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Évolution, individualisme et auto-organisation chez Hayek


  • David.W Versailles


[fre] Hayek définit que l'ordre spontané et l'évolution sont des concepts jumeaux. La critique de la théorie hayekienne de l'évolution culturelle se limite d'ordinaire à exposer que Hayek a adopté une méthodologie holiste pour défendre l'ordre spontané et le libéralisme politique. Ce travail explique que le biais est plus insidieux : il provient de l'orientation historiciste qui contraint l'individualisme par la référence à l' auto-organisation. La démarche hayekienne porte sur le rapport entre structure et évolution, considéré comme explication du comportement individuel et comme explication de l'existence de règles sociales spécifiques. Le deuxième problème conduit Hayek à oublier que son acteur est toujours l'individu subjectif ; mais il n'est pas possible d'utiliser cet argument contre l'individualisme méthodologique. La simple suppression du biais prescriptif en faveur des systèmes autoorganisés permet de reformuler la pensée de Hayek dans un contexte cognitif totalement cohérent. Malheureusement pour Hayek, on en devient alors popperien. [eng] Hayek defines evolution and spontaneous order as twins ideas. Criticizing his cultural evolutionism is ordinary limited to explain Hayek adopted a wholist methodology in order to advocate in favor of the political aspects of classical liberalism and spontaneous order. This research explains the bias is more subtle : the historicist tension in favor of spontaneous order introduces a constraint for individualism. The Hayekian program deals with the relationship between structure and evolution, considered both as an explanation of individual behavior and as an explanation of the existence of a specific set of (social) rules. The later issue raises a tension against the individual subjectivity, but this flaw cannot be drawn against the individual methodology itself. Removing the prescriptive advocacy for self-organized systems provides us with a consistent framework centered on the individual cognition. Unfortunately for Hayek, ones who adopt it, turns out to be Popperians.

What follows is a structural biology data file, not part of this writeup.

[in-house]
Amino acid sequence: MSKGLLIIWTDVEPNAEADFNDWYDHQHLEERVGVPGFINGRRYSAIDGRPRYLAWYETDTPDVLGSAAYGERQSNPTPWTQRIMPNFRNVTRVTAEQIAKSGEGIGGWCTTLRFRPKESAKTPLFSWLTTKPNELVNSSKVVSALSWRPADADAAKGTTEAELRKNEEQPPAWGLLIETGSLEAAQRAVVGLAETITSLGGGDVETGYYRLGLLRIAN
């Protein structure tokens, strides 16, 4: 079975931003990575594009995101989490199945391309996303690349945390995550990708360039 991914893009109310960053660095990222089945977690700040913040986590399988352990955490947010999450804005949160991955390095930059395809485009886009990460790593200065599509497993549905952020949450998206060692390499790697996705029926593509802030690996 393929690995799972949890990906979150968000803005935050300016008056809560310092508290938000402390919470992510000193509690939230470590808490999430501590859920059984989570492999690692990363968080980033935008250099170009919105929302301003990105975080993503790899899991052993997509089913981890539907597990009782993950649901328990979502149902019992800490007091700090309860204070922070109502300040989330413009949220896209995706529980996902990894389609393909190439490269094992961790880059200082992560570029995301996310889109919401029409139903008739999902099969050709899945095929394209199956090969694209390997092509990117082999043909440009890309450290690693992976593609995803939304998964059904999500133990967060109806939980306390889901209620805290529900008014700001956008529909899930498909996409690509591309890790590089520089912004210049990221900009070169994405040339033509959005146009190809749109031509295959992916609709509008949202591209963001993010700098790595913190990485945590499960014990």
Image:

Suggested Citation

  • David.W Versailles, 1999. "Évolution, individualisme et auto-organisation chez Hayek," Cahiers d'Économie Politique, Programme National Persée, vol. 35(1), pages 63-88.
  • Handle: RePEc:prs:caecpo:cep_0154-8344_1999_num_35_1_1262
    DOI: 10.3406/cep.1999.1262
    Note: DOI:10.3406/cep.1999.1262

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    References listed on IDEAS

    1. Petroni Angelo, 1992. "Le Legs De Hayek," Journal des Economistes et des Etudes Humaines, De Gruyter, vol. 3(4), pages 1-16, December.
    2. Elster,Jon, 1983. "Explaining Technical Change," Cambridge Books, Cambridge University Press, number 9780521270724, December.
    3. repec:ucp:bkecon:9780226320625 is not listed on IDEAS
    4. Radnitzky Gerard & Bouillon Hardy, 1995. "Values And Social Order," Journal des Economistes et des Etudes Humaines, De Gruyter, vol. 6(1), pages 1-15, March.
    5. Bruce Caldwell, 1997. "Hayek and Socialism," Journal of Economic Literature, American Economic Association, vol. 35(4), pages 1856-1890, December.
    6. Hodgson, Geoffrey M., 1991. "Hayek's Theory of Cultural Evolution: An Evaluation in the Light of Vanberg's Critique," Economics and Philosophy, Cambridge University Press, vol. 7(1), pages 67-82, April.
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    Cited by:

    1. Marlyse Pouchol, 2004. "pensee economique. Les transformations hayékiennes du libéralisme smithien," Innovations, De Boeck Université, vol. 19(1), pages 219-236.

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